In 1410, the UNN requisitioned the design of a multi purpose tank chassis that could be equipped with antitank, -air and -infantry armament alike. With the availability of the new V-engine technology, bigger and heavier tank designs entered the realm of possibility, and the T-No. 11's design was the first to capitalise on it.
The first prototype entered its testing phase in February 1411, less than a month after the (partial) annexation of Podotsk and Minegorod. During the invasion, the UNN came face to face with the ZM.L-1/37 and its fearsome 37mm breach loaded cannon. The UNN's armored invading force was comprised of the agile but ill-armored Mark 1 and Mark 2 series, which were not designed for tank vs tank combat. In a fair standoff against the ZM.L-1/37, the Mark 1 and Mark 2 would be quickly disposed of. Testing of the T-No.11 was accelerated as a direct result.
UNN engineers managed to reverse engineer a captured 37mm and improve on the technology. The weapon was equipped with a rapid firing mechanism, turning the 37mm breach loaded cannon into a magazine loaded semi-automatic large calibre weapon. It could fire five shells in rapid succession, but it lost some penetrating power as a result. Nevertheless, the weapon was deemed effective enough to be deployed with the T-No.11 chassis. The vehicle completed testing in May 1411 and entered full scale production shortly after.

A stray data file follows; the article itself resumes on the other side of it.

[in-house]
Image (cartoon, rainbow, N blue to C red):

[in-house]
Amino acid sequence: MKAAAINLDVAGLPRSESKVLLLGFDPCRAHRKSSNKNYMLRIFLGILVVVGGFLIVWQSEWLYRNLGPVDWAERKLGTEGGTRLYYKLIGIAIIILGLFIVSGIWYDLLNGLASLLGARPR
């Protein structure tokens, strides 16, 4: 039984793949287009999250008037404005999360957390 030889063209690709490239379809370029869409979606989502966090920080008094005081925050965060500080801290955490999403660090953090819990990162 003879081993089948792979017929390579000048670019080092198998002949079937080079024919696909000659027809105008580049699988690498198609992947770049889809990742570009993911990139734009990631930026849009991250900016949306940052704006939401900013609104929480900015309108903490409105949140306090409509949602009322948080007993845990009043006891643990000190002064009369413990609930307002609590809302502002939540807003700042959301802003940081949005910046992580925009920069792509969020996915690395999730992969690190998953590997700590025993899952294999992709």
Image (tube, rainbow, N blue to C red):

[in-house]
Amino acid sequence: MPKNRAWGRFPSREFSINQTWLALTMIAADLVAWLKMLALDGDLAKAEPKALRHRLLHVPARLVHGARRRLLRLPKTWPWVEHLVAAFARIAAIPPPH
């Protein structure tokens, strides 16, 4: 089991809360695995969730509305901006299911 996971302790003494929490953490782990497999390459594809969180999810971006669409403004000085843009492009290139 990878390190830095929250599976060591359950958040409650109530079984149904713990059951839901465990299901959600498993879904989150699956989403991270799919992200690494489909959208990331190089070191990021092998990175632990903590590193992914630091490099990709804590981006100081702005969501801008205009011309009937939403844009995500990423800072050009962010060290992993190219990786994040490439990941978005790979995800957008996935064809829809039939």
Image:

T - No. 11 Edit
Tank to tank combat was not something that was commonly seen before the Novourovan War, and the T.No-11 was the first UNN produced tank that was equipped to deal with the new threat appropriately. It was the first of a new generation of armored fighting vehicles and the first to receive the new T.No designation. The semiautomatic 37mm was not without flaws, but its penetrating properties and rapid fire ability proved to be devastating against its Novourova Liberta (NL) counterpart, the ZM.L-1/37.
T - No. 11 - Mark II Edit
The versatile T-No.11 chassis allowed for several adaptations outfitted for different roles. The first and most common adaptation received the designation 'mark II'. The rotating turret and 37mm semiautomatic cannon were replaced with a fixed weapon assembly and armor plating. This adaptation allowed for heavier weapons to be installed without sacrificing survivability, mobility and ammo capacity. The adaptation required no significant changes to the chassis itself, which meant that a T.No-11 could easily be converted to a mark II if its turret or weapon was damaged in battle.